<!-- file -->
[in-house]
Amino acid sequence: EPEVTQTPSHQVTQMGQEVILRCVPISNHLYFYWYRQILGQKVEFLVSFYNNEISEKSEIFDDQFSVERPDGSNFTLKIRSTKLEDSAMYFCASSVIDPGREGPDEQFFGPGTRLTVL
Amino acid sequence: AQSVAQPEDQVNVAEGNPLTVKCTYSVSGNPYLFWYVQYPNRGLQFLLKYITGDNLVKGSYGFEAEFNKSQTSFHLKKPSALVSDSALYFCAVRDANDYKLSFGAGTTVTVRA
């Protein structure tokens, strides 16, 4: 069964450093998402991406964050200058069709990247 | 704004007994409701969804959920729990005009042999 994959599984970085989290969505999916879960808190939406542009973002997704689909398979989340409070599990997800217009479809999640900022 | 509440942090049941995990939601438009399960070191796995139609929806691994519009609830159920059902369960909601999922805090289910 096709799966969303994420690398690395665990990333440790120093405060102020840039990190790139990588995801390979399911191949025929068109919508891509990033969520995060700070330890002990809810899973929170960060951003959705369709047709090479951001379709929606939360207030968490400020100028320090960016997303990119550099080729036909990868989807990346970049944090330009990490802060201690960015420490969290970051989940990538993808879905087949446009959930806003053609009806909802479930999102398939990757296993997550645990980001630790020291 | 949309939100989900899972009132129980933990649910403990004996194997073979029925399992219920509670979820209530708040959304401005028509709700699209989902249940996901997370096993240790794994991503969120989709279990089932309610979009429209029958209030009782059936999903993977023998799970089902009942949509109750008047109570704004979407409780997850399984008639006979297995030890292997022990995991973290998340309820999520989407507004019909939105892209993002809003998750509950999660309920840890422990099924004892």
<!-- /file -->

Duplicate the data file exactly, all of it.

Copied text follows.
[in-house]
Amino acid sequence: EPEVTQTPSHQVTQMGQEVILRCVPISNHLYFYWYRQILGQKVEFLVSFYNNEISEKSEIFDDQFSVERPDGSNFTLKIRSTKLEDSAMYFCASSVIDPGREGPDEQFFGPGTRLTVL
Amino acid sequence: AQSVAQPEDQVNVAEGNPLTVKCTYSVSGNPYLFWYVQYPNRGLQFLLKYITGDNLVKGSYGFEAEFNKSQTSFHLKKPSALVSDSALYFCAVRDANDYKLSFGAGTTVTVRA
């Protein structure tokens, strides 16, 4: 069964450093998402991406964050200058069709990247 | 704004007994409701969804959920729990005009042999 994959599984970085989290969505999916879960808190939406542009973002997704689909398979989340409070599990997800217009479809999640900022 | 509440942090049941995990939601438009399960070191796995139609929806691994519009609830159920059902369960909601999922805090289910 096709799966969303994420690398690395665990990333440790120093405060102020840039990190790139990588995801390979399911191949025929068109919508891509990033969520995060700070330890002990809810899973929170960060951003959705369709047709090479951001379709929606939360207030968490400020100028320090960016997303990119550099080729036909990868989807990346970049944090330009990490802060201690960015420490969290970051989940990538993808879905087949446009959930806003053609009806909802479930999102398939990757296993997550645990980001630790020291 | 949309939100989900899972009132129980933990649910403990004996194997073979029925399992219920509670979820209530708040959304401005028509709700699209989902249940996901997370096993240790794994991503969120989709279990089932309610979009429209029958209030009782059936999903993977023998799970089902009942949509109750008047109570704004979407409780997850399984008639006979297995030890292997022990995991973290998340309820999520989407507004019909939105892209993002809003998750509950999660309920840890422990099924004892």